Five years ago, the state of Alabama began mandating fingerprint checks for school workers who have unsupervised access to students. Implementing the law statewide has taken several years. School employees in one Wiregrass city are now being asked to surrender their prints.
Over the last 25 years, Girard Elementary School teacher Jane Greiner has shared her knowledge with students. Now she and other teachers are sharing their fingerprints to ensure the students are safe.
Greiner says, "I think it's a good thing for the children. It protects the children and also it protects the staff."
The Dothan city school district has nearly 1100 employees. The district already conducts background checks on new employees, but this goes farther. Prints are scanned and loaded onto a disk and then are sent off for analysis.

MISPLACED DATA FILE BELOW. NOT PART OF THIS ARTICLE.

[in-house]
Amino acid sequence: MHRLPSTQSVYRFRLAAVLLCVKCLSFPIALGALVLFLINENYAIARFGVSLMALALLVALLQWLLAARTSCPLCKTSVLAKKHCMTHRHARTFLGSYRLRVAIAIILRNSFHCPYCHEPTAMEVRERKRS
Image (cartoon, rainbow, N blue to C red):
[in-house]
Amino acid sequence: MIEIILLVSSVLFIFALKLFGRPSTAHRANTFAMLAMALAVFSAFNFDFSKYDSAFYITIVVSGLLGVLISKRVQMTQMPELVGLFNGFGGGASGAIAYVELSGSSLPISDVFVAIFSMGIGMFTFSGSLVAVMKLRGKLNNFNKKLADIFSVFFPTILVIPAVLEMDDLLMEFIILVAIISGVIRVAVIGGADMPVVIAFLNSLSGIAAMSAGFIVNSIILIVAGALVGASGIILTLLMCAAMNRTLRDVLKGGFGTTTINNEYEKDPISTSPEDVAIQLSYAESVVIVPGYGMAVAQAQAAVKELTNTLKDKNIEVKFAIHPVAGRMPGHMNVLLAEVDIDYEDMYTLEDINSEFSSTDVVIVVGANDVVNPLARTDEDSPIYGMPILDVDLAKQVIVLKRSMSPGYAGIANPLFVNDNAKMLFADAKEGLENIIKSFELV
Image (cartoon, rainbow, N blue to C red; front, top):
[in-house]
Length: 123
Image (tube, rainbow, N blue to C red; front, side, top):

Dell Goodwin of the personnel department says, "the Alabama Bureau of Investigation first checks it, then after it clears with them they send it to the Federal Bureau of Investigation."
The state is looking for felonies or anything that would directly put students in danger. And some parents say it gives them piece of mind. Teachers we talked with don't see it as an invasion of privacy.
The state is paying to fingerprint employees hired before July of 1999. But those hired after the new rules took affect have to come up with $49 out of their own pockets to be checked.